Servizio Comunitario di Informazione in materia di Ricerca e Sviluppo - CORDIS

Final Activity Report Summary - BIOMEDCHEM (Training for new approaches in anti-parasite and anti-tumour drug discovery)

The objective of the project was to provide postgraduate students a multi-disciplinary qualification for future career in medicinal chemistry through research training, focussed on two of the most important human health world problems, namely cancer and parasite diseases, such as malaria, leishmaniasis and Chagas disease. The training consisted in acquiring techniques of lead discovery, rational drug design, organic synthesis, bioassays and cell biology, establishing a single training site, i.e. the Faculty of Pharmacy, Universite Paris-sud, France, with three academic partners, and one small and medium enterprise (SME) that was involved in bio-informatics.

Most of the drugs currently in use for malaria were designed decades ago and exhibit decreasing efficacy due to the increasing resistance of parasites. The anti-leishmania therapy is also becoming an important stake, even at the European level, with the emergence of canine leishmaniasis in south Europe. The problem is different for cancer, because of the intense interest of pharmaceutical companies worldwide for fighting this disease. However, despite some obtained success, cancer remains one of the most important causes of death in the world. In order to improve the efficiency of treatment, decrease the adverse effects of chemotherapies and overpass the important drug-resistance phenomena, alternative strategies and drugs have to be found. New natural products and new biochemical targets are two promising and valuable tools for the accomplishment of this aim.

Fourteen fellows, corresponding to 203 months, were hired on the project, four of them having prepared a PhD on the site. The core of research was devoted to the search of new hits through natural product chemistry, i.e. extraction, structure determination and synthesis, and through mechanism-based drug design, including in silico approaches. Numerous aspects of organic synthesis, such as asymmetric synthesis, organometallic chemistry and fluorine chemistry, were then essential to improve, from an initial 'hit', the biological activity and the physico-chemical properties for better pharmacological profile, to decrease toxicity and to provide innovative tools for better knowledge of mechanisms of action.

Additional training activities on other facets in the drug development or on fundamental knowledge were also available, through the Doctoral School, in other laboratories of the campus, through the collaboration with SMEs and through national and international collaborations. Most of the projects initially proposed had been achieved by the time of the project completion. More specifically, the project resulted in:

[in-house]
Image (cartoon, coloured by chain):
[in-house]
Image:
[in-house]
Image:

1. the discovery of new leads and new targets through a total phytochemical study of a rutaceae. A library of new derivatives of one major component, canthin-6-one, was synthesised and evaluated. Canthin-6-one derivatives, known for their anti Chagas and anti-tuberculosis activities, unexpectedly also exhibited activity against neuroglioma cancer stem cells. This part of the project went beyond our objectives and was anticipated to offer new research axes in the future.
2. the set up of a new screening method based on binding with heme, using mass spectrometry, in order to identify new anti-malaria agents.
3. the improvement of activity and pharmacological profile of molecules chosen for their anti-tumour activity. Two approaches were investigated. One concerned the design of fluorinated analogues of natural styryllactones, avoiding thus the generation of toxic metabolites. The second strategy concerned the inhibition of the protein Hsp90, a recently exploited anticancer drug target. We identified a novobiocin analogue, with IC50 equalling 1 microM. An unprecedented result was its co-crystallisation with hsp90 at the c-terminal part.
4. improved knowledge of resistance of leishmania donovani to amphotericin b. Through the application of a proteomic approach, 10 proteins were detected with a level of expression that was different in treated and non treated parasites.

Regarding chemical synthesis, efforts were devoted to new methodologies in order to minimise the number of steps and waste. These methodologies included multicomponent reactions, new reaction media, in particular fluorinated alcohols, and recovery of catalysts. During this effort it was clear that all medicinal chemists would have to take care of environmental requirements.

Reported by